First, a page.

100 books like Atlas of the Bible

By John Rogerson,

Here are 100 books that Atlas of the Bible fans have personally recommended if you like Atlas of the Bible. Shepherd is a community of 10,000+ authors and super readers sharing their favorite books with the world.

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Book cover of The Oxford Handbook of Jewish Daily Life in Roman Palestine

Jeanne Lyet Gassman Author Of Blood of a Stone

From my list on the life and times in Roman Palestine.

Why am I passionate about this?

I have been an avid reader of historical fiction since I was very young, and I love learning about the life and times of different periods of history. One might describe me as a "research junkie." My desire to know more about the everyday lives of my historical characters has taken me on many wonderful adventures, and my personal library is full of books I use for research. I write fiction, creative nonfiction, and novels. I am currently completing a new novel about a family of downwinders, people who contracted cancer from government-sanctioned radioactive fallout from the atomic bomb tests in Nevada during the 1950s and 1960s.

Jeanne's book list on the life and times in Roman Palestine

Jeanne Lyet Gassman Why did Jeanne love this book?

When I pulled this book off my library shelves, I discovered it was still bookmarked with about 40 Post-it flags. This was one of my go-to books for research about life and times in first-century Palestine. The book is divided into sections with labels such as "Family Life," "Religion and Magic," and "Labour and Trade." Each section contains detailed discussions on subtopics related to the main section. For example, under "Family Life," you will find information on clothing, marriage, and divorce, jewelry, food, housing, etc. There are wonderful illustrations and drawings. At the end of each chapter, there is a list of suggested reading and a full bibliography. I spent hours pouring through the resources here when researching my own novel.

By Catherine Hezser (editor),

Why should I read it?

1 author picked The Oxford Handbook of Jewish Daily Life in Roman Palestine as one of their favorite books, and they share why you should read it.

What is this book about?

Written by an international and interdisciplinary team of distinguished scholars, The Oxford Handbook of Jewish Daily Life in Roman Palestine is an indispensable reference compendium on the day-to-day lives of Jews in the land of Israel in Roman times. Ranging from subjects such as clothing and domestic architecture to food and meals, labour and trade, and leisure time activities, the volume covers all the major themes in an encompassing yet easily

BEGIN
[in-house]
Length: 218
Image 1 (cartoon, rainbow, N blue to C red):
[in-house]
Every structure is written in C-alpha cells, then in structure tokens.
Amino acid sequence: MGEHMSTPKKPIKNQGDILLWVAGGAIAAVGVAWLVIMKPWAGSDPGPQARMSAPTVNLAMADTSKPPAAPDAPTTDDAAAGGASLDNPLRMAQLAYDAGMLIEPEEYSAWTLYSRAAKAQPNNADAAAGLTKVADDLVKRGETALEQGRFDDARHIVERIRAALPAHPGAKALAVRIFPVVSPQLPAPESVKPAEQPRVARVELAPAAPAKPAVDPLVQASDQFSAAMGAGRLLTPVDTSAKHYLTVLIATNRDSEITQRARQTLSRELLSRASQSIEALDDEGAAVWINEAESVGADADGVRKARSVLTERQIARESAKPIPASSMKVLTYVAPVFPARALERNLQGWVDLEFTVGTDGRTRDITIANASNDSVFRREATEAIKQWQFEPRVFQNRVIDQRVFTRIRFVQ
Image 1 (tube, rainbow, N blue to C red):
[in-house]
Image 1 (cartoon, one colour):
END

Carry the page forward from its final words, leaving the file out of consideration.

accessible way. Individual chapters introduce the reader to the current state of research on particular aspects of ancient Jewish everyday life-research which has been greatly enriched by critical methodological…


Book cover of Nelson's Bible Encyclopedia for the Family: A Comprehensive Guide to the World of the Bible

Jeanne Lyet Gassman Author Of Blood of a Stone

From my list on the life and times in Roman Palestine.

Why am I passionate about this?

I have been an avid reader of historical fiction since I was very young, and I love learning about the life and times of different periods of history. One might describe me as a "research junkie." My desire to know more about the everyday lives of my historical characters has taken me on many wonderful adventures, and my personal library is full of books I use for research. I write fiction, creative nonfiction, and novels. I am currently completing a new novel about a family of downwinders, people who contracted cancer from government-sanctioned radioactive fallout from the atomic bomb tests in Nevada during the 1950s and 1960s.

Jeanne's book list on the life and times in Roman Palestine

Jeanne Lyet Gassman Why did Jeanne love this book?

As its title implies, this book is accessible to the entire family and would be a great resource for Sunday school teachers who want to provide their students with a larger understanding of the life and times of peoples in ancient Palestine and Rome. The book is broken down into easy-to-find categories such as "The Home," "Warfare," and "Travel and Communication," to name a few. There are stunning photographs on every page with detailed and clear explanations. The back of the book has timelines of the Bible and a map of Palestine in New Testament times with highlights of key events in the New Testament. There is also an alphabetical index that makes it easy to find information on specific topics.

By Arthur Cundall, Rosemary Mellor, Arthur Rowe , Frederick Fyvie Bruce

Why should I read it?

1 author picked Nelson's Bible Encyclopedia for the Family as one of their favorite books, and they share why you should read it.

What is this book about?

Discusses historical and cultural topics relevant to an understanding of the Bible, under such topics as archaeology, geography, government, business, education, and health.


Book cover of Today's Handbook of Bible Times and Customs

Jeanne Lyet Gassman Author Of Blood of a Stone

From my list on the life and times in Roman Palestine.

Why am I passionate about this?

I have been an avid reader of historical fiction since I was very young, and I love learning about the life and times of different periods of history. One might describe me as a "research junkie." My desire to know more about the everyday lives of my historical characters has taken me on many wonderful adventures, and my personal library is full of books I use for research. I write fiction, creative nonfiction, and novels. I am currently completing a new novel about a family of downwinders, people who contracted cancer from government-sanctioned radioactive fallout from the atomic bomb tests in Nevada during the 1950s and 1960s.